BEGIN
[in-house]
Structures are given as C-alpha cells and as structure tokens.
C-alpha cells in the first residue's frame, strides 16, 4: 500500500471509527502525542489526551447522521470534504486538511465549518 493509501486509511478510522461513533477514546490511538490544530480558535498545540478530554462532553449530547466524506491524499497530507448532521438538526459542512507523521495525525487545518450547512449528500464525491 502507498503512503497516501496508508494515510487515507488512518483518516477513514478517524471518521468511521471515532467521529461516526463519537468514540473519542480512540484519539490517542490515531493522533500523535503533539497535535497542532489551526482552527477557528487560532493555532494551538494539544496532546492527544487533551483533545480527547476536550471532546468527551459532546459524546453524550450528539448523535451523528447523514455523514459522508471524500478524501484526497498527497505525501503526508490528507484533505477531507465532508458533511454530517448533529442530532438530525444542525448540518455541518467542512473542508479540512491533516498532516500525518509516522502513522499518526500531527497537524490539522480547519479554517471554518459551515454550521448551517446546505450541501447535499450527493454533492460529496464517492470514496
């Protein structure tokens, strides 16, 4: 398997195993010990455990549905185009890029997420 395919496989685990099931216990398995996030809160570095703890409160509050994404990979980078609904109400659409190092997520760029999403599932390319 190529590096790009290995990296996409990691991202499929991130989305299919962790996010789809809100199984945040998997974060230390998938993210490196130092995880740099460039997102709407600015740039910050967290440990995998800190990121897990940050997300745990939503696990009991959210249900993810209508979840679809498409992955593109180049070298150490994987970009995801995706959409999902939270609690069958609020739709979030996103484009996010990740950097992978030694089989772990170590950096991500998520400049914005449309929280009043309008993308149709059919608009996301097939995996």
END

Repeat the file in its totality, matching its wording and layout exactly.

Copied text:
[in-house]
Structures are given as C-alpha cells and as structure tokens.
C-alpha cells in the first residue's frame, strides 16, 4: 500500500471509527502525542489526551447522521470534504486538511465549518 493509501486509511478510522461513533477514546490511538490544530480558535498545540478530554462532553449530547466524506491524499497530507448532521438538526459542512507523521495525525487545518450547512449528500464525491 502507498503512503497516501496508508494515510487515507488512518483518516477513514478517524471518521468511521471515532467521529461516526463519537468514540473519542480512540484519539490517542490515531493522533500523535503533539497535535497542532489551526482552527477557528487560532493555532494551538494539544496532546492527544487533551483533545480527547476536550471532546468527551459532546459524546453524550450528539448523535451523528447523514455523514459522508471524500478524501484526497498527497505525501503526508490528507484533505477531507465532508458533511454530517448533529442530532438530525444542525448540518455541518467542512473542508479540512491533516498532516500525518509516522502513522499518526500531527497537524490539522480547519479554517471554518459551515454550521448551517446546505450541501447535499450527493454533492460529496464517492470514496
């Protein structure tokens, strides 16, 4: 398997195993010990455990549905185009890029997420 395919496989685990099931216990398995996030809160570095703890409160509050994404990979980078609904109400659409190092997520760029999403599932390319 190529590096790009290995990296996409990691991202499929991130989305299919962790996010789809809100199984945040998997974060230390998938993210490196130092995880740099460039997102709407600015740039910050967290440990995998800190990121897990940050997300745990939503696990009991959210249900993810209508979840679809498409992955593109180049070298150490994987970009995801995706959409999902939270609690069958609020739709979030996103484009996010990740950097992978030694089989772990170590950096991500998520400049914005449309929280009043309008993308149709059919608009996301097939995996």